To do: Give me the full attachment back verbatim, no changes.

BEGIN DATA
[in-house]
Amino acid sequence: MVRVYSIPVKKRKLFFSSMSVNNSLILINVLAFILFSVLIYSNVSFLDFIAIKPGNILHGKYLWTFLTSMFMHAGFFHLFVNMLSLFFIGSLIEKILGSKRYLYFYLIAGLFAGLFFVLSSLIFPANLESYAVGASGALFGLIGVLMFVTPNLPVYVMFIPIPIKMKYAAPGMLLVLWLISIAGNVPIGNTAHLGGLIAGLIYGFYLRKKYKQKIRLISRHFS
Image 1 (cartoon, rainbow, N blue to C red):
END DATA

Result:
[in-house]
Amino acid sequence: MVRVYSIPVKKRKLFFSSMSVNNSLILINVLAFILFSVLIYSNVSFLDFIAIKPGNILHGKYLWTFLTSMFMHAGFFHLFVNMLSLFFIGSLIEKILGSKRYLYFYLIAGLFAGLFFVLSSLIFPANLESYAVGASGALFGLIGVLMFVTPNLPVYVMFIPIPIKMKYAAPGMLLVLWLISIAGNVPIGNTAHLGGLIAGLIYGFYLRKKYKQKIRLISRHFS
Image 1 (cartoon, rainbow, N blue to C red):